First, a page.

This project has received funding from the European Union’s Horizon 2020 research and innovation programme under grant agreement No 772787.

Final SMARTER Meeting – Toledo 2023!

– by R. Rupp and R. Bica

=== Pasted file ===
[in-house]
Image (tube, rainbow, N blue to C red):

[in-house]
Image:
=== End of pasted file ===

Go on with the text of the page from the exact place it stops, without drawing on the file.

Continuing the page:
The H2020 SMARTER project, an ambitious EU-funded endeavour, recently held the concluding meeting in Toledo, Spain on May 22-23, 2023. The meeting brought together the project’s work package (WP) leaders, project partners and stakeholders to review the progress made, identify remaining tasks, and discuss the roadmap for the project’s final phase leading up to its scheduled completion in June 2023. A total of 69 people attended the conference, 59 of which were project partners coming from the institutions involved, and 10 were stakeholdersThe SMARTER project, which stands for “SMAll RuminanTs breeding for Efficiency and Resilience,” is a collaborative effort involving multiple European and international institutions, industry partners, and research organizations. Started in 2018, the project sought to study how genetic selection can help to increase resilience and efficiency in small ruminants (sheep and goats) in their environments and across a range of diverse environments. Each work package (WP1-8) discussed their main achievements from the start of the project until now and what the key take home points are. For WP1 (efficiency), many proxies and predictors were tested for feed efficiency. However, since feed efficiency is a complex trait, it is hard to predict with proxies without the inclusion of information on intake. A possible link between feed efficiency and milk fat in dairy breeds could be a route to take in future work, however more work needs to be done to provide any conclusive results with regards to this. With regards to WP2 (resilience), the major highlights were the first genomic breeding values obtained for footrot and mastitis in UK Texel sheep, the first genome-wide study on the genetic architecture of lifetime resilience in Chios sheep, and the discovery of several homozygous deficiency regions associated with early survival in 3 dairy sheep breeds. The third WP, which focused on the trade-offs between efficiency and resilience, showed how no major systematic antagonisms between R&E were detected (from different approaches developed in WP3, including metanalyses and modelling) which is good news as it will allow balancing selection for both resilience and efficiency in future work in the field.  The highlight of WP4 which focused on the genomic characterisation of under-utilised breeds, was the collaborative effort from the partners in the WP to produce a sizeable online data repository composed of both foreground and background data to facilitate characterisation analyses. WP5, one of the most technical WP’s of the project, has produced several publications, but one in particular: ‘Semi-parametric estimates of population accuracy and bias of predictions of breeding values and future phenotypes using the LR method’ by Andres Legarra and Antonio Reverter is set to become a benchmark paper. Other methods developed in WP5 are under consideration (metafounders, genomic inbreeding) and others have large potential to be adopted in practical breeding programmes. (e.g. detection of stress).  The work done in WP6 produced the first across country evaluation methodology for small ruminants, highlighting its weaknesses and strengths and potential for future growth. This is a major achievement based on international cooperation which will improve and increase the speed at which small ruminant research can be done. On top of this, a list of common SNPs panels was identified and illustrated how it is possible compare SNPs coming from different populations. WP7 focused on balanced-breeding goals for agro-ecological resilience. Simulations were used to assess different farm scenarios under different conditions to select for R&E traits with results showing that with the SMARTER model, economic performances of farms were improved, production was increased and management by the farmer was not have to be altered. Surveys were also sent to breeders and stakeholders which furthered the understanding of their trait preferences and their view on what the optimal animal could look like. These models and surveys could really be useful to select optimal conditions/traits which can deal with the challenges of the future.  And finally, WP8, the communications WP of the project, successfully achieved all of its planned activities, including the 10 round tables in 10 partner countries and the summer school, both of which had very positive feedback from those who attended, and information of which can all be found on the SMARTER website. In addition to reviewing the project’s progress and discussing the remaining tasks, the meeting concluded with an insightful round table discussion among the WP leaders regarding the accomplishments of the SMARTER project. They reflected on the various achievements and milestones reached throughout the project’s duration, acknowledging the positive impact their collective efforts had on addressing societal challenges. The participants also explored potential opportunities beyond the project’s completion, brainstorming ideas for further utilisation and expansion of the project outcomes.  Overall, the project was completed in a period of 56 months, involved 27 partners with more then 120 scientists from 13 different countries, so it really was a team effort to complete it. Especially due to the fact that the project was impacted by the covid pandemic, which significantly slowed down some practical work, as well as the death of Carole Moreno-Romieux, the person who had the idea to start SMARTER and brought it to life. The SMARTER project therefore embodies the image of Carole and shows the ability she had to bring together groups and skills to face major challenges. All of the people involved in SMARTER will continue to work on developing an eco-friendlier and environmentally respectful small ruminant production system, thus ensuring that Carole’s dream is achieved. Please follow this link which will allow you to see the brilliant scientist that she was. Most collaborations developed in the project are still operational which bodes well for the continuation of the work beyond SMARTER. The impact of SMARTER is poised to resonate well beyond its completion, driving sustainable innovation and progress in the field of small ruminants in Europe and beyond.